So it’s about time that I write my Christmas technology column for this year. Now, I usually do a list on ideas on what I might get my co-workers for Christmas, but this year I’ve decided to break the norm. This year I’ll be writing about what I want for Christmas.
If any of you have a techy/geeky person on your list, these might be on their wishlist as well. That’s right, no USB rear-end warmer for Point Editor Darin McCann this year. Besides, the upstairs offices are hotter than the Sahara on any given day.
At the top of my list is this must-have gadget for any person with too many things to do and too little time to do them. It keeps them organized and keeps them in touch with the real world (at least in theory).
Now, I have a decent phone, the Motorola ROKR E1, but it lacks in many areas. I have a PDA, but do not have a charger for it. So this year I want a new phone. And I figure why not kill two birds with one stone.
My first choice would have to be the HTC TyTN. The TyTN is not available in the U.S. under the HTC brand, but Cingular does carry it under their own brand, as the Cingular 8525. This phone was just recently released and is a major update to Cingular’s 8125 (also known as the HTC Wizard).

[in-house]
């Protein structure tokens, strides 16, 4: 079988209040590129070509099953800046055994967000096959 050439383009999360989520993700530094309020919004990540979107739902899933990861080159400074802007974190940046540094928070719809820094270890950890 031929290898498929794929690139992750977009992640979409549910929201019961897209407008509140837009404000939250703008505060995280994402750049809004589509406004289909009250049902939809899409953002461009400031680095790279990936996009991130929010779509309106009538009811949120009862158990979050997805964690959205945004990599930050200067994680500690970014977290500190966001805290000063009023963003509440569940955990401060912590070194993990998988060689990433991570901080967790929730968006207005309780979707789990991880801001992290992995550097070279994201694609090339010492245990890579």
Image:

The phone features high speed Internet access with worldwide 3G, using Tri-Band UMTS and Quad-Band EDGE. This means high speed access up to 384 kbps. The emergence of 3G technology was expected to bring in high demand for video telephony, but with 3G rolling out in 25 countries around the world so far, this has not been the case.
It also means that you can simultaneously use voice, data and e-mail. And it means that when roaming ’round the world — provided your coverage plan provides international coverage — you’ll have no problems connecting from just about anywhere with a cellular signal.